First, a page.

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The Cost of Defense Created Resistance

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We have a choice. We can either live in our defenses and there are so many forms and types of defense mechanisms… OR we can opt for peace.

Recently I got the opportunity to experience being on the receiving end of a verbal wall of defenses resorted to by a friend in protective mode. Later he admitted feeling “exposed” as being “wrong” about something, which then triggered an automatic need to defend in an effort to protect himself from being found wrong. It became obvious, when we processed, that these verbal defenses had been a default position since childhood, used to counter the attack he was sure was inevitable were he to admit his culpability and/or vulnerability.  For to be found mistaken or wrong is to be seen as weak, inadequate, or inferior, which the fragile victim ego does not take lightly.

His defenses sounded something like this:

“I didn't mean to: get in your way … say that … do that,  etc.” (proclaiming innocence)

OR

“I was just kidding … I didn't mean what I said,” I wasn't doing that … I would never do that, I'm not like that…”  etc… (denial)

Taking responsibility for ourselves has an altogether different emotional tone AND sounds very different. It offers a much kinder way of treating oneself – and others; it opens the way to a radically different level of acceptance and surrender.

Taking self-responsibility might sound something more like this: “Thank you for the feedback … I appreciate it.” “Yes, I see how defended I am right now.” “WOW, wonder what I am believing to be so triggered?”  “How can I see this situation in a more positive light?” “Thank you for pointing my defenses out to me; it will help me respond differently in the future.”

The important thing to know is that neither of these options are wrong, even though one type of response is certainly more mature than the other. The path of Awakening means we become conscious of the ways we hide from ourselves and the world, and we take direct action to align with a higher Truth, which is recognized by the compassion, kindness, and acceptance it generates in our system.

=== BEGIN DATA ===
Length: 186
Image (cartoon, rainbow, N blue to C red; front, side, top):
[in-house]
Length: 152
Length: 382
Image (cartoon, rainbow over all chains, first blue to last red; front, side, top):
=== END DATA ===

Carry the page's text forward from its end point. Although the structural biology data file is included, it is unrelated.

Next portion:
But our defenses also serve a purpose, for they point out to us where it is we are holding ourselves prisoners in shame, like for instance, anytime we believe we are being found out for having made a mistake. We fear being found out as wrong because on some level we have bought the notion that being right will somehow save us from shame and pain. This reflects the mind set of us as children. Frankly it remains where most of the world remains today regardless of their age.

So we can live in our fears and defenses, or we can choose to practice accepting ourselves as bumbling-fumbling, mistake-making, problem-finding and blaming, HUMAN beings. We can make room for forgiving ourselves for our human imperfections, even as we forgive those around us when they bumble along in their imperfect, often wrong, judgmental (like us)  and seemingly vulnerable humanity.

It's not perfect, but it is indeed a much kinder, more peaceful way to live.

 

 

 

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